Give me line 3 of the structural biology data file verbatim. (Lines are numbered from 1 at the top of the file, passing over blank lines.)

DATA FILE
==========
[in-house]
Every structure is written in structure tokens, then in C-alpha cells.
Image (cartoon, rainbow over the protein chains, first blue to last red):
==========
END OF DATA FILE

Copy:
Image (cartoon, rainbow over the protein chains, first blue to last red):